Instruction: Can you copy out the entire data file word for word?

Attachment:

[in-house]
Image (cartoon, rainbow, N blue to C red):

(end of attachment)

[in-house]
Image (cartoon, rainbow, N blue to C red):